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Reverse Migration - The painful journey of India's migrant worker

The images of thousands of migrant workers, walking back to a home that is hundreds of kilometers away with their children and their possessions must have been something almost everyone has seen by now.


In today's post, we discuss the economic and emotional reasons people are taking this hazardous and long walk back home, the challenges and risks this migration brings, and the steps we can take to do more justice to these people who keep our cities running.


The economic and emotional rationale


It is important first to understand the financial background in which these folks operate. Most of them do jobs at construction sites, people's homes, small shops, etc. They are paid a small amount, from which after buying their daily necessities, they send a part back home - for relatives back in their villages. As a result, they have little to no savings left, with most migrating workers stating that they ran out of whatever money they had in less than a week.


With the lockdown, the jobs of many of these workers had now come to a standstill bringing their income to zero. The lack of savings reduces the time they can sustain themselves without work. The relatively high cost of living in the cities, combined with the lack of income, makes it economically a better prospect to be back home, where they can maintain a similar level of consumption for else. A major psychological factor that also comes into play here is the need to be home in a safe place during times of such immense uncertainty. While the financial burden can be alleviated to an extent with fiscal support, the psychological need still stays. And policymakers would do well to account for it.


The risk this entails


The first most direct risk is to the health of the individuals walking back, with luggage and their children. The long journey in the taxing heat can be very dangerous with more than 22 deaths already reported. These deaths included five children.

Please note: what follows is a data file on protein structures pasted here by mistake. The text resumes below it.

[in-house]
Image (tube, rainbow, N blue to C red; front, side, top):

The second-order risks and things that seem very dangerous and likely given the photos of the crowds at Delhi's bus stations is a few of these folks carrying back the virus to remote parts of the country where the healthcare system is wanting, leading to a very serious health crisis.


For a country that is trying to break it into the big leagues, this is a fate we cannot allow. The consensus across the board seems to be to take a fiscal hit if needed but keep these folks who keep our towns running safe - in the very least a secure roof over their head and food to keep them and their kin well fed.


What can be done


It is fair to assume that this is a scenario almost no one prepared for, and let it would require a combination of bold fiscal steps combined with an emotional touch to succeed.


Telangana CM seems to be currently managing both. In a rare speech in Hindi instead of the usual Telegu, KCR made an appeal to the migrant labourers in the state to stay put, assuring them an adequate supply of rice (which is traditionally consumed in the south) or flour (given that a majority of the migrant labourers are from the north, where rotis are a staple.) The uncharacteristic switch to Hindi and the astute inclusion of flour are the small steps that given our fellow citizens atleast a modicum of confidence that they will be fended for.


There is no better test of character than a crisis. And in this hour of peak crisis, how we treated and helped the most vulnerable in our society will be remembered for decades to come.


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About the Author: The post is written by Ganesh Nagarsekar. Ganesh is a graduate from IIM Calcutta and has worked with J.P. Morgan and Goldman Sachs, before founding GSN Invest.

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